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Acad Med. 2015 Nov;90(11):1547-52. doi: 10.1097/ACM.0000000000000755.

Learning across the explicit, implicit, and extra-curricula: an exploratory study of the relative proportions of residents' perceived learning in clinical areas at three pediatric residency programs.

Author information

1
D.F. Balmer is associate director, Center for Research, Innovation and Scholarship in Medical Education, Texas Children's Hospital, and associate professor of pediatrics, Baylor College of Medicine, Houston, Texas. S. Quiah is education, assessment, and evaluation specialist, Center for Education Research and Evaluation, Columbia University Medical Center, New York, New York. J. DiPace is assistant professor of pediatrics, Weill Cornell Medical College, New York, New York. S. Paik is assistant professor of pediatrics, Columbia University College of Physicians and Surgeons, Columbia University Medical Center, New York, New York. M.A. Ward is associate professor of pediatrics, Baylor College of Medicine, Houston, Texas. B.F. Richards is assistant vice president, Columbia University College of Physicians and Surgeons, director, Center for Education Research and Evaluation, and professor of medical education in pediatrics, Columbia University Medical Center, New York, New York.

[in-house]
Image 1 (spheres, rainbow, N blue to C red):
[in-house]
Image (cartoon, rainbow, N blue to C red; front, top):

Abstract

PURPOSE:

This exploratory multisite study investigated relative proportions of residents' perceived learning across the explicit, implicit (typically called hidden or informal), and extra-curricula for six Clinical Learning Environment Review (CLER) focus areas-patient safety, health care quality, care transitions, supervision, fatigue management, and professionalism-using qualitative and numeric data.

METHOD:

In April through June 2013, the authors recruited and interviewed third-year categorical pediatric residents from three sites. For each CLER focus area, the authors asked residents to think aloud while they assigned a total of 60 points to the explicit, implicit, and extra-curricula, according to where they perceived their learning occurred. All interviews were audio taped and transcribed verbatim. The authors coded qualitative data from interviews using the constant comparative method, scrutinized qualitative data for themes, and reviewed qualitative and numeric data.

RESULTS:

A total of 28/79 (35%) residents participated. Residents perceived learning to occur most often in the implicit curriculum for five of the six CLER focus areas; the one exception being health care quality, which predominantly took place in the explicit curriculum. In the implicit curriculum, role modeling and "learning by doing" were frequently reported modes of learning. The explicit curriculum was perceived as an important baseline for understanding clinical areas. Relatively less learning was perceived to occur in the extra-curriculum.

CONCLUSIONS:

The authors believe that recognizing learning in "other-than-explicit" curricula could broaden the medical education community's understanding of the purview of the medical education curriculum and help educators tap into underused educational opportunities for important clinical topics.

PMID:
25993281
DOI:
10.1097/ACM.0000000000000755
[Indexed for MEDLINE]

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